4.  My Father's Question:
     Source:  The Northern School Teacher (an unpublished handbook written by my father)

5.  Resident Priest:
     It was Father Ouimet who confirmed for my father that this incident had occurred as described
     in the nursing station records.  What is not clear is whether or not Father Ouimet was the
     resident priest at the Roman Catholic Mission when the woman was confined to the hole.



For Map Lovers Like Me:
Location of Neskantaga (Lansdowne House)
Human Rights Watch Report on the Safe Water Crisis 
in First Nations Communities in Ontario

Friday, August 19, 2016

The Lansdowne Letters: Dogs and Death


Whenever my mother, Sara MacBeath, opened the latest letter
from my father in Lansdowne House, we never knew what to expect.

The contents could be funny, shocking, poignant,
or alien; but to me, they were always fascinating.

Guaranteed I longed to see and to experience it all!



A Hitched Dog Team 
Cambridge Bay, Northwest territories, 1953
Credit / Mention de source :
J. C. Jackson. Canada. Department of Indian and Northern Affairs. 
Library and Archives Canada, e010674356 /
Flickr:  BiblioArchives/Library Archives Canada  License




On Monday, January 16, 1961 
My father wrote to his extended family:

Well Hi There:
I meant to tell you something else about dog teams,
but I got off on that prospector tangent,
and I didn’t have time to tell you last night, so here goes.

It is very interesting to watch them training a pup to be a sleigh dog.
I have never seen a whole team trained at once,
but judging from the difficulties that I related to you the other day,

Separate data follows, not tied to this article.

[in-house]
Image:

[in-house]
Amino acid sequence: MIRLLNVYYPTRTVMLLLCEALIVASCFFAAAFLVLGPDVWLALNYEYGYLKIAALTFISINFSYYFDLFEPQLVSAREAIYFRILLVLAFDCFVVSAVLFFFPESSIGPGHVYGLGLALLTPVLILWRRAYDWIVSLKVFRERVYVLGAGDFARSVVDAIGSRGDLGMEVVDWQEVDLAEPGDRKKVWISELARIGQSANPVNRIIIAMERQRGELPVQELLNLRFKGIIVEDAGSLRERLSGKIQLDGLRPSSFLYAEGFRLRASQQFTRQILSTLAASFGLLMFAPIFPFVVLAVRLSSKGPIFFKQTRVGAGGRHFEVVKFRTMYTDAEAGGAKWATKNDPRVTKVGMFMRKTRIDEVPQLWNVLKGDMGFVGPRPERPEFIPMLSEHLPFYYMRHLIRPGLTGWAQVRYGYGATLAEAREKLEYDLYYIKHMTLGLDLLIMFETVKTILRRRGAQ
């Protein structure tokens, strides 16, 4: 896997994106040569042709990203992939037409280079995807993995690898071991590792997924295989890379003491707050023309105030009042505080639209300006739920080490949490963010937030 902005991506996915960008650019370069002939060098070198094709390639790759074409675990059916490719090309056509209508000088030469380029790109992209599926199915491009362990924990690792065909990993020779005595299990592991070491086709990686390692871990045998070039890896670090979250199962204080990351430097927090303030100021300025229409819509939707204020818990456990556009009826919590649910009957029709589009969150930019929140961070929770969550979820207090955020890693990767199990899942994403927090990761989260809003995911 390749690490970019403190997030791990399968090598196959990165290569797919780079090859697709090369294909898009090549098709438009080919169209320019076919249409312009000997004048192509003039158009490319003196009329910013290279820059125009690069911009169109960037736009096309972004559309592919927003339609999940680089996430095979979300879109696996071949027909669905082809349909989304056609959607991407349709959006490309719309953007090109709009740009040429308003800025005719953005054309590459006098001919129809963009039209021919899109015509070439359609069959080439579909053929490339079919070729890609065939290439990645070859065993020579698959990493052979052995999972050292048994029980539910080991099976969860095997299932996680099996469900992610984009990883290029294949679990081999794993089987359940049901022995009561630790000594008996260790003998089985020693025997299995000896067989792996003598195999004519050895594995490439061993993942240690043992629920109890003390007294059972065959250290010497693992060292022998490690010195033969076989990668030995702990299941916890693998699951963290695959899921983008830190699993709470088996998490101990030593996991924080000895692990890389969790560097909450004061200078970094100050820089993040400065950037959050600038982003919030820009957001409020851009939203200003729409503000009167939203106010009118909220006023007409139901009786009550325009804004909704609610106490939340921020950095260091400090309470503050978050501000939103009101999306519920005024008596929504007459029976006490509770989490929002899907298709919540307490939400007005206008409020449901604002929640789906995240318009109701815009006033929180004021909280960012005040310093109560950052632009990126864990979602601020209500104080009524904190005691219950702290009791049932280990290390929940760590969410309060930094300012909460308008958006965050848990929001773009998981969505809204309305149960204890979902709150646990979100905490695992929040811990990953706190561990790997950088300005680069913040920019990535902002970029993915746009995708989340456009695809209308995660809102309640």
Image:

it must be an exasperating job.

The way that they break in a pup with an experienced team,
though, is quick and produces results.  
Of course, it is kind of rough on the pup, especially if he is a stubborn one.
They just hitch him in the middle of the team and start traveling.  

The pup comes along whether he likes it or not.
He has two options, he can come on his feet or he can be dragged.  

I was watching them train a reluctant pupil a while ago,
and he elected the latter course.
He just lay on his back and put all four feet straight up in the air.



A Playful Sled Dog
Pixabay:  badamczak80   Licence:  CC0 Public Domain
  

That did hold things up for a moment.  
The driver just started the team, and off they went
at a rather lively clip, dragging the pup.
They must have dragged the poor animal about half a mile
before he managed to get his feet under him.

As I said, it certainly isn’t too humane,
but it sure does produce results.
After his rather rough initiation, this pup,
while he objected strongly to be harnessed,
always behaved well once he was hitched to the team.



Crossing the Ice
Pixabay:  skeeze   Licence:  CC0 Public Domain



The Indians are very cruel to their animals, all except their cats.
They only feed the dogs enough to keep them alive in the summer,
because it is the summer and they aren’t being worked
and are not earning their keep.
As a result, the dogs are just about starving in the summer.  

Even in the winter their diet, while it is ample, is a long way from being luxurious.
All the dogs are fed on frozen fish – one or two fish a day being their daily ration.



Full Speed Ahead
Pixabay:  violetta   Licence:  CC0 Public Domain



It is not that the Indians are purposely cruel;
it is just that compassion is one quality
that seems to be missing in the Indian’s makeup.

One of their children could be dying on the floor,
but the Indian would just sit there and watch it.
Oh they are concerned and sorry that they are going to lose the child,
but they wouldn’t be half crazy like I would be if it were one of mine.

Their attitude seems to be that if it is going to die,
it’s going to die, and that’s that.
They will wail and mourn something fierce after the child is dead,
but the only emotion they express during the dying is extreme interest.

If an Indian dies, they don’t hold anything like a wake or a lying in state.
They are terrified of dead bodies, and they don’t even wait
for the body to cool before they get it out of the house.

The Father says that he has, on several occasions,
gone into the church to light the fire in the morning
and has tripped over the dead body of someone that has died in the night.
The Indians wouldn’t even wait till morning to get it out of the house.

If the person died at two, he would be put outside at five after two.